Our large, round mud hut was perfect - mostly, because it pushed my children to live outside, kicking a homemade ball around the field and chasing chicks and goats. I gave up trying to keep my children clean. Their limbs became the colour of the red dirt. I found this wholesome and even gratifying. Kenyan women took it upon themselves to make up for my evident maternal shortcomings and scrubbed their feet with repurposed netted fruit bags.
Kenya also forced us into a more direct relationship with food. Élia was fascinated to watch a bull skinned for the New Year’s feast. (We held Anna hostage in the hut while its throat was slit - much to her dismay). That said, they both enjoyed watching the fur singed off its head as it roasted over a fire for soup. That day, Élia had complained that she missed our family tradition of watching “BBC Earth” once a week - until Michael pointed out that we were living it instead. True that.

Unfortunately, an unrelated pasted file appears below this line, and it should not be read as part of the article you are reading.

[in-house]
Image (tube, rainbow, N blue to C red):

My girls’ hearts were broken the day they met street children visibly younger than Anna, who is eight. They spent the day asking the kinds of questions that I could not answer.
Every day in Africa was a contrast.
We encountered need staved by interdependence; we met suffering embraced by faith. We also found hope lurking in the most unlikely places.
Only in Kenya was I able to define paradox in a way my children could finally understand.
We all returned to Canada more thankful than we left: plumbing, clean water, and fresh bread all seemed luxurious. I fear, though, that the inevitable will happen. Slowly, but surely, vivid Kenya will fade like an old photograph. We will peer into the small photo and try to distinguish features through the grainy black and whiteness.
It always happens.
My youngest said to me today that her dream is to return to Kenya; my eldest acknowledged it’s like Narnia for us, but without the witches or the snow.
And so we must return.
Every visit helps breathe colour back into the stony self-sufficient pieces of our lives.